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Are the luggage scales at Charlotte Douglas International Airport accurate?

State inspectors visit every airport annually to make sure the scales aren't cheating customers or airlines. They recently flagged six scales at Charlotte Douglas.

CHARLOTTE, N.C. — A recent inspection of the luggage scales at Charlotte Douglas International Airport identified six scales rejected by the state for inaccuracies.

"Sometimes it's over. Sometimes it's under," North Carolina Department of Agriculture and Consumer Services Western Area Supervisor Buddy Dutton said.

Travelers like Leah Jalfon can't afford a scale to be wrong. She emptied and rearranged her suitcases hours before she boarded a flight to her new home of San Francisco.

"I threw a lot of things away," she said.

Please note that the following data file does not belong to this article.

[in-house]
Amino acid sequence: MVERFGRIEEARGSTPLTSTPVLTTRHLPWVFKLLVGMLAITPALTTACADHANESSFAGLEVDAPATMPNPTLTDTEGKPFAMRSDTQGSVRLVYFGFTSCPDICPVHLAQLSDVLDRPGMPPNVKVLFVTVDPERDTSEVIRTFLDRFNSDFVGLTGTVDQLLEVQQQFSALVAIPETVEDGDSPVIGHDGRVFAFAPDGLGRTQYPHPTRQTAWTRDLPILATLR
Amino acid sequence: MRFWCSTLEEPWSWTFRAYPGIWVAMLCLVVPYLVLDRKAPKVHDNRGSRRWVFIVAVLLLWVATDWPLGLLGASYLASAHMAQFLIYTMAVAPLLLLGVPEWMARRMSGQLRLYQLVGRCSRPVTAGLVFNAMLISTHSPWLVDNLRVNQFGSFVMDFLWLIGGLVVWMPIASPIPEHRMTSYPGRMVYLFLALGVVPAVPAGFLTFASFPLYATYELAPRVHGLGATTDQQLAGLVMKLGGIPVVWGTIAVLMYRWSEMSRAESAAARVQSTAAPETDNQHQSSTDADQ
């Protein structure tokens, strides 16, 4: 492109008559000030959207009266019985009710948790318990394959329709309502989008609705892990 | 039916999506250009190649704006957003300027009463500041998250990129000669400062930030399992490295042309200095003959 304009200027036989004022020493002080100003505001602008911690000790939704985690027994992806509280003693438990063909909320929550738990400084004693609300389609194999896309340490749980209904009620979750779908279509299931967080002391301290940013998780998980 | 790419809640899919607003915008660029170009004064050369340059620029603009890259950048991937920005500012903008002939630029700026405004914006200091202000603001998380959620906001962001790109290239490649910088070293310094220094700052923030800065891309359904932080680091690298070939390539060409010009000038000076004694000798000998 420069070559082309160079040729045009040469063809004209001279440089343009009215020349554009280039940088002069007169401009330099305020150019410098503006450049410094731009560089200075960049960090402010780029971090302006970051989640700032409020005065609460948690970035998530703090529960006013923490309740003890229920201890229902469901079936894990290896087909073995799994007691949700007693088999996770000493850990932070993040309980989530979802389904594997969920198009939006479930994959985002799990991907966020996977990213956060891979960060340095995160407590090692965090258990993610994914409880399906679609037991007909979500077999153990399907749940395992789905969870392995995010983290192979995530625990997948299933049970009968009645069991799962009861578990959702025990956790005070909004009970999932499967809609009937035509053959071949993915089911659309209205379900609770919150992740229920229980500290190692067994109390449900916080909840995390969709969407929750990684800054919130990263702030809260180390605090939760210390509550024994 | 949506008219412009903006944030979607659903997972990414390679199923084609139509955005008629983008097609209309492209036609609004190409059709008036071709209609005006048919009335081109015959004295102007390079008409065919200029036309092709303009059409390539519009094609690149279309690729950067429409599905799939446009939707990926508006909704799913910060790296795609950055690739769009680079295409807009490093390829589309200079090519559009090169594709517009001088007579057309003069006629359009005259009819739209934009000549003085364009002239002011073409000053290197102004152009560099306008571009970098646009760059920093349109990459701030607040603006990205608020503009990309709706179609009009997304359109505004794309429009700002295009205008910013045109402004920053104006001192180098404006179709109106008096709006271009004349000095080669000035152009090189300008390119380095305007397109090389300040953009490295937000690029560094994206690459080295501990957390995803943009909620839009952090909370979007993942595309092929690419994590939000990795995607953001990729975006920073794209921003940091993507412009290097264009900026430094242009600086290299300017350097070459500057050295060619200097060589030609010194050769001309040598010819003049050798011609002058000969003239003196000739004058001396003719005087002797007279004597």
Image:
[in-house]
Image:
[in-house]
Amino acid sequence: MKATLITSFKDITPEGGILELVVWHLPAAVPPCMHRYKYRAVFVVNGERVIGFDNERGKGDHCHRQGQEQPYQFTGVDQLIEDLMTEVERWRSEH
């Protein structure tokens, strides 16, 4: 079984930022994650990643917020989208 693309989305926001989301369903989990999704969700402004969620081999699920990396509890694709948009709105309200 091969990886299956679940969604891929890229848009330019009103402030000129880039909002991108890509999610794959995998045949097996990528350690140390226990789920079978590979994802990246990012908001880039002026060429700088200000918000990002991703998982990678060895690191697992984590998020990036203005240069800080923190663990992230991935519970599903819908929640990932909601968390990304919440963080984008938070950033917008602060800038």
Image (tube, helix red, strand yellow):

The last-minute stress paid off, saving her an extra $200 in luggage fees.

"I was like, 'I'm throwing everything away' and they were like, 'No, wait, wait, wait,'" she said of the airline workers who helped. "They helped me how to figure out how to balance between the bags."

At the airport, every pound matters. Dutton knows that all too well.

"Every penny matters to the customer," he said.

That's why he and his team inspect every scale at every airport once a year. The inspectors have one goal in mind: make sure both the customer and airlines aren't cheated.

"We want each side to be treated fairly," he said.

We tagged along with state inspectors during the annual inspection at Charlotte Douglas last month. 

They rejected six scales in all, or about 6% -- including one which, depending on what corner you placed your bag, the scale would be off in the airline's favor or in the customer's favor.

"It was a pound short on three corners and one pound over on the fourth corner," Dutton said.

Dutton said of the six scales taken out of service, four benefited the customer and two benefited the airline.

Since 2017, state records show inspectors rejected 10 scales in all at Charlotte Douglas, two at Raleigh-Durham International Airport and five at Greenville-Spartanburg International Airport.

Dutton said the vast majority of scales are reliable, but when they find scales that are off, they have a company on-site to fix them immediately.


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